The parents of a 15-year-old girl who took her own life two months ago are pleading with the Government to address mental health support.
Hana Reedy and Api Nasedra are presenting a photo of their daughter, Ariana Reedy, framed by the names of thousands of New Zealanders calling for an inquiry into mental health.
Ariana was last seen alive by a taxi driver, who dropped her near the Bluff Hill lookout about 10.30pm on August 15, before being found dead by police after an extensive search.
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The Hastings parents want New Zealand First to make an inquiry into New Zealand's mental health crisis a bottom line in coalition talks. Before the election, all political parties, except National and Act, committed to holding an inquiry.
The 30,000-strong petition and an earlier video of Mrs Reedy's story inspired an outpouring of support. Mrs Reedy said she didn't want other families to go through what she had.
After trying everything to get Ariana help, Mrs Reedy said in the letter she's taking to Parliament today that the system failed her.
"She attempted suicide twice before and I had tried everything to get her help. I begged as hard as I could but she was turned away. Our mental health systems is failing our young people."
After the first attempt, Mrs Reedy took Ariana to get help from the hospital but after two nights she was back at home. The same thing happened soon after and, after begging for help, she was told Ariana would have a spot in a mental health ward in Wellington but when they packed to leave, they were then told her bed had been taken.
Instead, she went into the general childrens ward and because "she wasn't considered serious even though she tried to take her own life" was released again.
"All I was given was a pamphlet and some phone numbers."
One month after she was released she took her life.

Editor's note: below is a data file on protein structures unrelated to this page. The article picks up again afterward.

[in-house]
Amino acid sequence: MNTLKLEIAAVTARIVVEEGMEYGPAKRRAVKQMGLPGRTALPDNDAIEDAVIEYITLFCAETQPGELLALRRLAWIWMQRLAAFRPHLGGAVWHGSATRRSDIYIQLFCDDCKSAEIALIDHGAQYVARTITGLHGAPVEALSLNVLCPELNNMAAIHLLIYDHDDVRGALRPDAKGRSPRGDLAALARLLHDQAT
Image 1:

"I truly believe if she could have got the help she needed, she would still be here today.
I cannot begin to tell you the pain I am going through.
"I tried so hard. I still remember how much I begged. I still don't understand how we were let down.
"The mental health system is in crisis and parents like me are being forced to pick up the pieces but we aren't trained to that."
YesWeCare.nz, which ran The Shoe Project suicide prevention campaign, supported the family. Coalition members include the Public Service Association (PSA) and New Zealand's mental health union.
PSA national secretary Erin Polaczuk said 77 per cent of New Zealanders support an independent inquiry into mental health and support services.
"Families like Hana's are being forced to face their darkest hours alone. Hana's call for a mental health inquiry is supported by tens of thousands of people not because her story is unique, but because it reflects a shared experience of a system that is failing the people who need it most."
Ms Polaczuk said union members were "stretched" with many crisis teams "on the brink of collapse".
People's Mental Health Review spokesman and psychotherapist Kyle MacDonald said whoever won the election, services needed an overhaul.
"The only thing that's changed since we launched the recommendations of the People's Mental Health Report is that things have gotten worse."
Mrs Reedy's petition is available at: change.org/mydaughter and comments supporting her petition were also available. The petition would remain open for people to sign.
- Hawke's Bay Today
WHERE TO GET HELP:
If you are worried about your or someone else's mental health, the best place to get help is your GP or local mental health provider. However, if you or someone else is in danger or endangering others, call police immediately on 111.
Or if you need to talk to someone else:
LIFELINE: 0800 543 354 (available 24/7)
SUICIDE CRISIS HELPLINE: 0508 828 865 (0508 TAUTOKO) (available 24/7)
YOUTHLINE: 0800 376 633
KIDSLINE: 0800 543 754 (available 24/7)
WHATSUP: 0800 942 8787 (1pm to 11pm)
DEPRESSION HELPLINE: 0800 111 757 (available 24/7)
SAMARITANS: 0800 726 666
OUTLINE: 0800 688 5463 (confidential service for the LGBTQI+ community, their friends and families)
RURAL SUPPORT TRUST: 0800 787 254.